Snow, ice, unsafe driving conditions, bitter cold—all of these factors can make winter seem depressing. But winter blues are more than just a passing notion; each year some people get SAD, or Seasonal Affective Disorder. SAD is a clinically diagnosable form of depression that can result in overeating, fatigue, difficulty concentrating, and loss of interest in daily activities. Scientists theorize that SAD is brought on not only by the drop in temperature, but the reduced amount of daylight. In essence, our bodies respond to the change in season by slowing us down physically and emotionally.

For seniors, SAD can be especially debilitating. The National Alliance on Mental Illness reports that more than 6.5 million Americans over the age of 55 experience depression. To make sure that seniors are not suffering from SAD, caregivers and loved ones should keep an eye out for crucial signs. If seniors seem to have lost interest in activities they typically enjoy, isolate themselves from friends and family, or spend inordinate amounts of time sleeping, caregivers should consider intervention.

Unlike for many forms of depression, for SAD there is a simple, non-pharmaceutically based treatment: the sun. Exposing SAD sufferers to sunlight can help energize and cheer most patients. If you suspect a senior is suffering from SAD, bright, sunny areas of the home are the best way to elevate their mood without the use of chemicals. Light box therapy is another effective option—filling a room with artificial sunlight to help minimize the effects of SAD. Sunlight therapy lamps, which are inexpensive, might also be an intelligent addition to your home décor. Even those who aren’t suffering from full-blown SAD will get a natural boost from the simulated sunlight.

Whether you’re worried about a senior who seems down or trying to cope with the effects of the season yourself, no one has to be SAD. Stay mindful of the signs, and seek help if any SAD symptoms present to eliminate this highly treatable form of depression.

Travel isn’t for the young. You don’t need to be in your 20s to discover the world. As we age, learning new things and exploring new places can actually help our brains stay vital.

Unfortunately, there’s a stigma surrounding traveling with seniors.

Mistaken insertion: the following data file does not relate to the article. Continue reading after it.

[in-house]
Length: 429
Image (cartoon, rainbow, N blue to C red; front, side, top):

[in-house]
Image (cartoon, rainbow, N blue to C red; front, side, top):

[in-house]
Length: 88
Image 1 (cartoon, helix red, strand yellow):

Many people caring for seniors feel that travel isn’t an option, not considering the option of traveling with their aging loved one or partner. With a little bit of planning, seniors can experience new and wonderful corners of the world together, with their caregivers.

There are three essential steps to traveling with a senior:

  1. Know Limitations. Does your grandmother run marathons or barely get off the couch? Every senior can travel, but knowing the kind of vacation to prepare for is essential. Choose destinations that won’t over exert older travelers beyond their physical limitations, and offer places along the way to sit and relax. If you’re planning a trip that involves strenuous activities or lots of walking, it is best to have any senior travelers get a full health check beforehand.
  2. Plan. Traveling with seniors requires a bit of extra planning. Make sure that medications and essential items are available, even while on the road. Most airlines, trains, and bus companies will work with customers to safely store and provide access to temperature-sensitive medications. If your senior has a mobility issue, like a walker or wheelchair, plan for extra time in security lines, and do your homework regarding the accessibility of any hotels and venues you will be visiting.
  3. Research. Some destinations are naturally senior-friendly. Take a look through a list of destinations that cater to older visitors with your loved one, and choose a trip that you can both enjoy. Also be sure to look for senior discounts that can help make travel easier on your wallet as well.

Whether you want to explore great landmarks, visit museums, or take in some shows, traveling doesn’t have to be an adventure limited to the young.. There is no limit to the possibilities for you or your loved ones as they age, with a little planning; enjoy the chance to explore the world.